of substantial action plan for overcoming indigenous disadvantage in the
longer term, with short term objectives to indicate the rate of progress
towards its goal is sufficient.
Such deficiencies in monitoring and evaluating process for reconciliation
indicate that there are problems of accountability within the government
itself. This lack of accountability allows governments to establish the
boundaries of issue that they will address in the first place and to avoid
public scrutiny when aboriginal justice is not achieved or sustained.
Put up a overhead with the heading decision making
There has been an increase attention over the years to the nature of the
relationship between the Aboriginals and the government. Indigenous peoples
seek to challenge the underlying basis of their relationship to governments
in Australia. Indigenous peoples have come to realise that the current
system perpetuates a cycle of dependency and is also not contributing to or
promoting sustainable improvements in indigenous communities and individual
well being. This accompanies the concern that the service delivery model is
not delivering long-term improvements. The current system is said to reduce
the idea of the development to one of community development and provide
little encouragement to economic development.
Put up a overhead saying family violence
Indigenous concepts of violence are much broader than usual mainstream
definitions of domestic violence. Many current approaches to family
violence derive from a model of ‘domestic violence’- violence against
women, underpinned by female oppression. These do not fit indigenous
experience. Rather than sharing a common experience of sexism binding them
with non-indigenous women, this may bind them more to their community,
including the men of the community. Indigenous people also have a negative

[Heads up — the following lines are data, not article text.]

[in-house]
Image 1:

perception of the police and welfare authority.
When examining the criminal justice system and their response to domestic
violence, two criticises may be highlighted. Firstly, that system is
generally ineffective in addressing the behaviour of the perpetuator in the
long term. The effect of imprisonment is to remove people from their
community and then, without any focus on rehabilitation or addressing the
circumstances that led the offence to take place in the first place and
then simply returning them to the same environment. Secondly there is a
range of barriers in the accessibility a cultural appropriateness of legal
processes which discourage women from using the criminal justice system in
the first place.
Addressing family violence is a shared responsibility between all levels of
the government with prime responsibility lying with health and community
service agencies There are a patchwork of programs and approaches to
addressing family violence in indigenous communities among all levels of
government, but their remains a lack of coordination and consistency.
Review of existing approaches identifies a critical need to adopt a
holistic approach to the problem of family violence and identifies in the
need for all organisations to work in partnership.
Put up overhead of statistics and read through
I will leave you with something to think about… how much has changed
since the clip in the video and my speech to you today? Is it still US and
THEM ? And why, when it was the whites that invaded this space originally?
Put up the overhead after this with the closing thought.